He returned to New York, where his skills led to work at a real-estate finance firm. But the work did not excite him. Berry enrolled at NYU’s ITP, where he’d taken a class as an undergrad, studying with Clay Shirky, the media theorist. To the school’s chagrin, he kept his job and maintained a full class load.
Two weeks before teachers were to submit grades, Berry unveiled Teachers On the Run, a site where ITP students could rate and comment on their professors. It became an in-house sensation, especially after one woman posted an anonymous comment criticizing a professor for staring at her breasts. “Everybody was just in a frenzy,” he recalled. Here, after all, was an unnamed student leveling a troubling accusation against a professor in a public forum. Was this slanderous? Was it a grudge? Was it wrong to post? Berry did not think so, especially after more women added their comments, supporting the charge. The school’s administration wanted it shut down, though Shirky stuck up for him. Berry had witnessed, as Peretti had with his Nike campaign, the power an idea could muster if it found its audience.
Teachers on the Run was a crude experiment, especially compared to Berry’s project a year later for Peretti’s class: Dog Island. Unlike Teachers on the Run, Dog Island was a hoax, a make-believe resort where dog owners could send their pets, for a respite, or forever. Berry chose a rough look for his first draft. But the sense of the class was that he had not succeeded in making Dog Island feel like canine paradise; it needed to be slicker. In Peretti’s class, Berry learned there was a process to creating content with viral capability: iteration. “In Jonah’s approach to viral, there is a structure,” Berry says. “You get close to chaos in how you develop. But there’s a structure of feedback from key people.”
That structure, he was beginning to learn, meant developing an idea, presenting it to an audience, and, depending on their reactions, tweaking, adjusting, even overhauling. “It’s insanely rare that on the first try you have it right.” Dog Island did find its audience. There were dog lovers who came to hate it, assuming that sending small pets to Dog Island spelled their doom. Berry did not dissuade them, suggesting that, alas, from time to time big dogs did kill little dogs, because that was the natural order of things.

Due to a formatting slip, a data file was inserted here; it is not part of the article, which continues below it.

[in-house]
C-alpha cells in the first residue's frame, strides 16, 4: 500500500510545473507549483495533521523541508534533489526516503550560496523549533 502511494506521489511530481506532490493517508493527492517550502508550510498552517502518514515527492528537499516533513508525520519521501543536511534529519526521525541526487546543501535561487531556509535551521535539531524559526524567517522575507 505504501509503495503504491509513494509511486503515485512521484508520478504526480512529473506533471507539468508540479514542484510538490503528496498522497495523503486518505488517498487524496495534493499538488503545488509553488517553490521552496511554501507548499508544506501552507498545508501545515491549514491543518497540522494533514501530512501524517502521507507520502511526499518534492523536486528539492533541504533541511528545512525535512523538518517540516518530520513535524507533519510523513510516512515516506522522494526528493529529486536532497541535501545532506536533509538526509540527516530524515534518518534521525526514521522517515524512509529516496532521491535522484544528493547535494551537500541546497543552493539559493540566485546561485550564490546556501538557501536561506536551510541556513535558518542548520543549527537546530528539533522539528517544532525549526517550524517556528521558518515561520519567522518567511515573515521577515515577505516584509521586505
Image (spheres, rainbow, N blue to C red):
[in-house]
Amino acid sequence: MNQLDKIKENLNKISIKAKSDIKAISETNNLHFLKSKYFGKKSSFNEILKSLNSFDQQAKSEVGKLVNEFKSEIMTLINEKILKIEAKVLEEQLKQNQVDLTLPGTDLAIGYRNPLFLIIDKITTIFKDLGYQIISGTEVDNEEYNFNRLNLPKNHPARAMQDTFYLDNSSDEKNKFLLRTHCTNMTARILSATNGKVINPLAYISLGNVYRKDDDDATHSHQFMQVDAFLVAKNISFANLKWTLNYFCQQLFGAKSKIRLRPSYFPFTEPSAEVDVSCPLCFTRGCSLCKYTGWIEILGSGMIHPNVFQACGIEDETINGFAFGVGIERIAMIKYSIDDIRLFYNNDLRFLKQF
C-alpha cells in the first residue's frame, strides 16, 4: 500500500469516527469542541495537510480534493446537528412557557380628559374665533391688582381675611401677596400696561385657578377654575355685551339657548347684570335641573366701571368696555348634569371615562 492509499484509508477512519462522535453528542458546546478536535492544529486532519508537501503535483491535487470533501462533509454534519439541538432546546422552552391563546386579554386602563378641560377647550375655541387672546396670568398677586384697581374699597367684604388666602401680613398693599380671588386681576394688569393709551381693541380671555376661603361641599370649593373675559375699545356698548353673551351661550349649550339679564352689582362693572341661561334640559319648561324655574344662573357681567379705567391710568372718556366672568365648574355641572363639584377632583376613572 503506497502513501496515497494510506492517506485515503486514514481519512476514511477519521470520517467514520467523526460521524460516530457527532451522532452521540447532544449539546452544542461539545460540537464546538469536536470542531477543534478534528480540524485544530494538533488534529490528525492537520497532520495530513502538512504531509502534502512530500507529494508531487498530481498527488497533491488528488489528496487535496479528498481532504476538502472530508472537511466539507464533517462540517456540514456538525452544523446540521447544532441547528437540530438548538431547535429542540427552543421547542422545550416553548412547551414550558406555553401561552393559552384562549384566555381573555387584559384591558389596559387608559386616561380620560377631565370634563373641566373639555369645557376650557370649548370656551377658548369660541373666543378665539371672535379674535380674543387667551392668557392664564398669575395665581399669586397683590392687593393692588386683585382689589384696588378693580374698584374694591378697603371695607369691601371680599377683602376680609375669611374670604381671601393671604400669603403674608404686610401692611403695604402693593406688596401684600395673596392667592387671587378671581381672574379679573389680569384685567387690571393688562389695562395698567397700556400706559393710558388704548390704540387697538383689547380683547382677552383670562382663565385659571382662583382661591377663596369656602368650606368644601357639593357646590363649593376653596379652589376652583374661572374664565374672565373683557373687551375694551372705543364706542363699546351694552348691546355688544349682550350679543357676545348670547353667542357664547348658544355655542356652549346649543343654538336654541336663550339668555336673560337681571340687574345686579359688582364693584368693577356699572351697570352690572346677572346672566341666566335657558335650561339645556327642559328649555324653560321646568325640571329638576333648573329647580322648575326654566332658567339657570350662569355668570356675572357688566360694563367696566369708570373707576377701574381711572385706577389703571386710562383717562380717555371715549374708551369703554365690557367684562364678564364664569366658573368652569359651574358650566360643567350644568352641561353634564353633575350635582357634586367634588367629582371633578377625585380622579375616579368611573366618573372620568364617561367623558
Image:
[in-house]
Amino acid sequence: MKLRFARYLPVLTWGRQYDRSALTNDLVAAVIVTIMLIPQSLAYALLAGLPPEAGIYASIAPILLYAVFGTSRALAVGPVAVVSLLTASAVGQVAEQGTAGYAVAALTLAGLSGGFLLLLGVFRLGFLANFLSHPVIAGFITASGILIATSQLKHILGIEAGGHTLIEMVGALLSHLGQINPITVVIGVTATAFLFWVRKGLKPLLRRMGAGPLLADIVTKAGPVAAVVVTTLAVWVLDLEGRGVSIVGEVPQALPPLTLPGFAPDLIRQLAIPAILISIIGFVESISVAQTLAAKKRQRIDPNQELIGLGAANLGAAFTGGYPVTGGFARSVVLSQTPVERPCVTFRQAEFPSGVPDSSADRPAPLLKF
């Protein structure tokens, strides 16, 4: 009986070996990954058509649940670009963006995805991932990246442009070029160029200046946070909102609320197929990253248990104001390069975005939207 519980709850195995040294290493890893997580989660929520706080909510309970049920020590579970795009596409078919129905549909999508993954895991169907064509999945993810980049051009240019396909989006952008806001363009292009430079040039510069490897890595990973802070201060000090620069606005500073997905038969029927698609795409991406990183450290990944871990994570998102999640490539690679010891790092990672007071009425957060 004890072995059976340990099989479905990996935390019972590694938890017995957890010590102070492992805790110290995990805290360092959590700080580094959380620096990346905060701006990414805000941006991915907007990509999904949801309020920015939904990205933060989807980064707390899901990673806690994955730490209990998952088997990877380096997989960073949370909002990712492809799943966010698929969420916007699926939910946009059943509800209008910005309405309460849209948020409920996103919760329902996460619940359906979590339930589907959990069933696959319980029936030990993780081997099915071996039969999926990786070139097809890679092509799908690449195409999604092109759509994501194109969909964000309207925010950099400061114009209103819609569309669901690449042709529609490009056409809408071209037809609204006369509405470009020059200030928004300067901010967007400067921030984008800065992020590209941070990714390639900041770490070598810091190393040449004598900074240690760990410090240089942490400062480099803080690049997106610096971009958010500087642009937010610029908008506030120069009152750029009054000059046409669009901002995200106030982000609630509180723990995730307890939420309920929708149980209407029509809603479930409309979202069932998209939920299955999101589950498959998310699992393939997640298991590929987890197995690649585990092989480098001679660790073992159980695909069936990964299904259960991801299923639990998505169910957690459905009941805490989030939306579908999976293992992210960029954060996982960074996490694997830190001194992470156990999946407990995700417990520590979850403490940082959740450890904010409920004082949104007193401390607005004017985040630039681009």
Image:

“Dog Island was the most fun, because I’m a traffic junkie,” he recalls. “There is a thrill when someone tells you about something you’ve done without knowing you’ve done it.” Something so compelling, alluring, amusing, and so beyond the need for explanation, he adds, “they have to share it.”
Berry had discovered a way to make a living by becoming a creative player in the great disruption. In the culture of “scrappiness,” failure was part of the joy of the work, as he and Peretti found at HuffPost: “Let’s have an idea on Monday. Instead of having a lot of meetings about that idea, let’s just fucking do that idea. By Wednesday, we will have realized the flaw in the idea and we’ll have iterated it, so by Friday, it’s totally different, and it’s either executed or almost done.”
And measured. Everything had to be measured. “Traffic,” he says, “was the measure of success. It showed if we could be a real business.”
But what, exactly, was that business? By 2007, Huffington Post had taken $10 million in investment. This figure was considered modest by venture-capital standards, but it did suggest, none too subtly, the nature of the enterprise: Raise money, raise the profile, raise more money, and then, when the moment and price were right, look for an exit. That could not happen without revenue, and the revenue would not come without traffic. And traffic, much to his delight, was Paul Berry’s to chase.